How is property and debt divided in case of a divorce?
The best way to deal with the issue of property and debt division in the event of a divorce is to deal with it amongst yourselves rather than leaving it to the court to decide who gets what and who pays what. Dealing with the division of property and debt amongst yourselves is only possible if you are parting on amicable terms. Most couple are not on talking terms at the time of divorce. The state law will determine who gets what and who pays what. Generally, there are two types of states: community property states and equitable distribution states.
Community property states – are Alaska, California, Arizona, Idaho, Nevada, Louisiana, Texas, New Mexico, Wisconsin and Washington. Puerto Rico allows follow community property law principles. In these states, the property acquired during the marriage is considered as community or property and are divided equally between the spouses in the event of a divorce. The separate properties belong to the respective spouses.
Equitable distribution states – The remaining states generally follow equitable distribution. The judge will divide the property in a fair and equitable manner instead of dividing it equally. In these states, the higher earning spouse will generally get a higher share in the property. The court does not physically divide the property. Instead it will determine the value of the asset and award a percentage to each spouse.
Is there a difference between community and non-community property?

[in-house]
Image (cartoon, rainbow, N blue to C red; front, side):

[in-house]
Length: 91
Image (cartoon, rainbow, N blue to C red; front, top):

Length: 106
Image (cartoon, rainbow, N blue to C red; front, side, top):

Yes. However the exact differences will depend on state law. Here are some of the basic differences:
Community property – Community property refers to all the property acquired during the marriage. This include debts also. However the property or debt can be classified otherwise such as a loan availed by one spouse using his or her separate property.
Separate or non-community property – These are properties acquired prior to the marriage and includes pension proceeds, inheritance, court awards and gifts. Some separate property can become community property. For example if the spouse contributes to the maintenance of a separate property, the separate property will be considered as community property.
Co-mingling – If you mix community and separate property, the court will consider it as a community property in most cases. Do not mix the properties if you want to keep your separate property separate from the community property.
What happens to the family home?
The circumstances of your case will determine what happens to your family home. If there are children from the marriage, the spouse who did majority of the work when it came to raising the children will generally get to keep the family home. If there are no children and the house was purchased by one spouse using separate funds, then that spouse can retain the home and ask the other spouse to vacate. Courts generally vary on how they treat the marital home in the absence of children. Generally, no spouse has the legal right to ask the other to vacate but can also request the other spouse to do so. If the spouse refuses to vacate, then the court will determine who gets the house based on the state law.
It is illegal for a spouse to lock the other out. The locked out spouse can call the police. However in case of domestic violence, the victim spouse can lock the abuser spouse. If you are a victim of domestic violence, please contact a domestic violence hotline. Making false allegations of domestic violence can adversely affect your property rights in a divorce.